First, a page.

Data Quality in the Public Sector

In the realm of public administration and governance, here are a few truths about Data Quality:

🚫 Data without quality isn’t credible. In the public sector, credibility is key to building trust with citizens.
📉 Data that isn’t credible doesn’t inform effective policy. Policymakers rely on accurate data to make informed decisions.
🔍 Data that doesn’t inform is a wasted public resource. Efficient use of resources is essential for public institutions.
🤖 Investing in AI and advanced analytics while the underlying public data is of low quality will never result in informed, effective policies.

Government agencies must emphasize as much on the quality of data as they do on policy analysis.

Data issues in the public sector are perhaps more detrimental than bureaucratic inefficiencies. While bureaucratic challenges might delay processes, data inaccuracies compromise the very essence of decision-making. Data inaccuracies breed mistrust, leading citizens to question the validity of governmental decisions.

A single unreliable public data source can misinform countless policies and strategic decisions. The ramifications are far-reaching.

Our guidance? Treat Data Quality not as a bureaucratic checkbox but as a fundamental pillar of public governance. By the time agencies recognise the gravity of data inaccuracies, rectifying them becomes an enormous challenge.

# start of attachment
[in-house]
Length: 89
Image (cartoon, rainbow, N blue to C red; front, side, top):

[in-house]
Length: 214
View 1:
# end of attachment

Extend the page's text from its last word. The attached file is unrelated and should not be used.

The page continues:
To maintain the integrity of public data, agencies must consider:

🎯 Purpose of the Data: What policy or decision does it inform?
📁 Data Origins: Where does the data come from, and how reliable are these sources?
🔒 Control Over Data Sources: Which sources are directly managed by the agency, and which aren’t?
📝 Public Expectations: How do citizens expect this data to be used?
🕰 Consistency Over Time: Will the data’s significance remain consistent over time?
🏢 Ownership and Stewardship: Which department or agency should be responsible for the data?
💬 Data Semantics: What does the data specifically represent?
🔄 Handling Data Changes: If there are changes or updates to the data, how are they managed?
📜 Documenting Data Evolution: How can we track the history and changes of the data?
📅 Data Versioning: How can we revert or reference previous versions of the data?

If a public sector entity can confidently address these ten points, they are well on their way to ensuring the data’s quality and its meaningful use in policy and decision-making.